2008/10/03

Андре́й Арсе́ньевич Тарко́вский

Andrei Arsenyevich Tarkovsky (Russian: Андре́й Арсе́ньевич Тарко́вский) (April 4, 1932 - December 29, 1986) was a Soviet film director, writer and opera director. Tarkovksy is listed among the 100 most critically acclaimed filmmakers[1]; director Ingmar Bergman was famously quoted as saying "Tarkovsky for me is the greatest [director], the one who invented a new language, true to the nature of film, as it captures life as a reflection, life as a dream".[2] Tarkovsky attained critical acclaim for directing such films as Andrei Rublev, Solaris and Stalker.

Tarkovsky also worked extensively as a screenwriter, film editor, film theorist and theater director. He directed most of his films in the Soviet Union, with the exception of his last two films which were produced in Italy and Sweden. His films are characterized by Christian spirituality and metaphysical themes, extremely long takes, lack of conventional dramatic structure and plot, and memorable images of exceptional beauty.
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Tarkovsky's first feature film was Ivan's Childhood in 1962. He had inherited the film from director Eduard Abalov, who had to abort the project. The film earned Tarkovksy international acclaim and won him the Golden Lion award at the Venice Film Festival in 1962. In the same year, on September 30, his first son Arseny (called Senka in Tarkovsky's diaries) Tarkovsky was born.

In 1965, he directed the film Andrei Rublev about the life of Andrei Rublev, the 15th century Russian icon painter. Andrei Rublev was not immediately released after completion due to problems with Soviet authorities. Tarkovsky had to cut the film several times, resulting in several different versions of varying lengths. A version of the film was presented at the Cannes Film Festival in 1969 and won the FIPRESCI prize. The film was officially released in the Soviet Union in a cut version in 1971.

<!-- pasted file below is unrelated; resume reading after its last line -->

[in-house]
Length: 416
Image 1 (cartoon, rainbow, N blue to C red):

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Tarkovsky returned to Italy in 1982 to start shooting Nostalghia. He never went back to his home country. As Mosfilm withdrew from the project, he had to complete the film with financial support provided by the Italian RAI. Tarkovsky completed the film in 1983. Nostalghia was presented at the Cannes Film Festival and won the Grand Prix Spécial du Jury, the FIPRESCI prize and the Prize of the Ecumenical Jury. Soviet authorities prevented the film from winning the Palme d'Or, a fact that hardened Tarkovsky's resolve to never work in the Soviet Union again. In the same year, he also arranged the opera Boris Godunov at the Royal Opera House in London under the musical direction of Claudio Abbado.

He spend most of 1984 preparing the film The Sacrifice. At a press conference in Milan on July 10, 1984 he announced that he would never return to the Soviet Union and would remain in the West. At that time, his son Andrei Jr. was still in the Soviet Union and not allowed to leave the country.

During 1985, he shot the film The Sacrifice in Sweden. At the end of the year he was diagnosed with terminal lung cancer. In January 1986, he began treatment in Paris, and was joined there by his wife and his son, who were finally allowed to leave the Soviet Union. The Sacrifice was presented at the Cannes Film Festival and received the Grand Prix Spécial du Jury, the FIPRESCI prize and the Prize of the Ecumenical Jury. As Tarkovsky was unable to attend due to his illness, the prizes were collected by his son, Andrei Jr.
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Tarkovsky died on December 29, 1986 in Paris at age 54. He was buried on January 3, 1987 in the Sainte-Geneviève-des-Bois Russian Cemetery in Sainte-Geneviève-des-Bois in France. The inscription on his grave stone, which was created by the Russian sculptor Ernst Neizvestny, reads To the man who saw the Angel. in en.wikipedia.org/wiki/Andrei_Tarkovsky

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